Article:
Tuesday – January 3, 2023

Happy New Year!

The Southwest “Point-to-Point” Lore
Facts v Trendy Assumptions

In the media din surrounding the Southwest Black Holiday fiasco, the usual suspects on the margins of aviation knowledge have come out with all sorts of prognostications regarding the reasons for the meltdown.

One of the trendiest is the suggestion that Southwest’s point-to-point system was a contributor to the complexity of the operational collapse. The rationale given doesn’t make much sense, except to illuminate the lack of expertise of the authors.

One reason  is that Southwest isn’t really a point-to-point carrier.

Nope. Sorry to shatter dogma, but WN actually depends on connecting (“flow”) traffic as a major part of its revenue generation. Not a sideline, but a fundamental part of its system.

Let’s look at the traffic mix – local O&D and connect – at six of Southwest’s largest operations for the 12 months ended 3Q 2022:

Sorry to rain on the veneer analysts’ parade, but at these airports, the connect flows are a significant and very critical component of the Southwest revenue passenger mix.

Underscoring this is the column on the right. It indicates what the WN load factor would have been without the connect traffic. In short, Southwest is operating these airports as connect points.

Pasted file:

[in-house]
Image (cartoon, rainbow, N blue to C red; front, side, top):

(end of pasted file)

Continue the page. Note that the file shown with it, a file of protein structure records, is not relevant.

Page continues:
In the real world, that’s called a hub operation.

Point: WN may or may not actually schedule in specific banks (we are splitting hairs here) but at these airports, they are in business to aggregate traffic across their system, i.e., connect passengers.

The reality is that Southwest really is a network carrier. True, it has a cohesive fleet of 737s – 700/800 and Max8s, instead of a wide range of capacity units. This limits the mission applications and markets it can pursue. (Although it is more lore that they’ve always operated “one airliner.” They may look alike but the 737-700 and the 737-8 (Max) have a lot not in common. Plus, in at least two time periods, they operated 727s.)

But in places like Tucson, the ability to flow passengers over Houston or Denver Midway is essential for Southwest. In fact, Southwest lists as many as ten flight options between Tucson and Atlanta – every one being a connect itinerary.

Actually, Delta Is More Point-to-Point Than Southwest. Here’s where the facts get in the way of trendy lore. Take a look at how Southwest ranks v other airlines in regard to percentage of passengers making connections.

We tossed in Alaska just for reference. The data are clear. The Southwest system is essentially as connect-focused as are American, Delta and United, and if international traffic flows were culled out, it’s likely all four are neck-and-neck in regard to percentages of flow traffic.

Not to be missed is that Delta actually has a larger percentage of point-to-point traffic than does Southwest.

The hard reality is that the Southwest system – large capacity airliners of 137 to 175 seats – needs strong aggregation of traffic flows.

So, do be circumspect when the media gurus and inhabitants of hobbyist aviation websites spout the lore about WN being “point-to-point.”

At some key airports – like LGA – the traffic is almost entirely point-to-point. But without the revenue flows generated at their hubs such as HOU, DEN, BNA, MDW, etc., they would not be in business.